Proceedings of the Third International Conference on Metals & Hydrogen P05

Diffusion and segregation of hydrogen in nickel single and bi crystals: stress-strain field contributions

J. Li (1)1 , M. Hallil (1)1 , A. Oudriss (1)1 , A. Metsue (1)1 , J. Bouhattate (1)1 , X. Feaugas (1)1

  • (1) 1

    LaSIE, CNRS-UMR 7356, Université de la Rochelle, France,


Hydrogen Embrittlement (HE) is one of the causes mainly evoked in premature rupture of industrial components exposed to aggressive environment. Many studies have been conducted in order to understand the mechanisms involved during this degradation. However, the effects of the grain boundaries (GBs), triple junction (TJs) and several defects (dislocations, vacancies …) in FCC materials and their interactions with hydrogen on the mechanisms of metal damages remain a controversial. Actually, several works suggest that in FCC materials the grain boundaries represent preferential paths for hydrogen diffusion (short-circuit diffusion), and this kind of hydrogen diffusion along GBs is faster than the interstitial diffusion. However, GBs contain different defects, particularly, dislocations and vacancies. These defects are able to trap hydrogen affecting the diffusion mechanisms. Although, many theories have been proposed to describe the role of GBs for hydrogen diffusion and segregation, none of them is able to give an exact answer. In addition, there is little suitable experimental data available.

Therefore, in the present study, we have studied at the first time some nickel single crystals1. We evaluate the hydrogen diffusion and trapping mechanisms using the electrochemical permeation (EP) coupled to the thermal desorption spectroscopy (TDS). The analysis of coupling stress state/solubility in a thermodynamic framework has shown the importance of the stress state induced by the presence of the solute on the diffusion. Two major effects emerge: the apparent diffusion coefficient is a function of hydrogen concentration and self-stress is the origin of the anisotropy of hydrogen diffusion in nickel, which is also a function of the concentration of hydrogen in relation with the formation of vacancies.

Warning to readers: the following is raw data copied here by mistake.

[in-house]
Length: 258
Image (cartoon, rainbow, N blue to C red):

Later, we propose to screen several bi-crystals of pure nickel with different grain boundaries (\tiny \sum11-50°30<110>{311}, \tiny \sum11-129°30<110>{332}, \tiny \sum3-70°30<110>{111} and \tiny \sum5-37°<100>{310})2. For each bi-crystal, therefore, for each grain boundary, the EP and TDS testing were performed to study the diffusion and segregation of hydrogen. In addition, Molecular Dynamics (MD) simulations have become a useful method to comprehend the behaviour of hydrogen in these types of GBs. The results allow us to associate the short-circuit diffusion and trapping phenomena to the grain boundaries character (excess volume, defects density and distribution …) in relation with the local stress-strain field.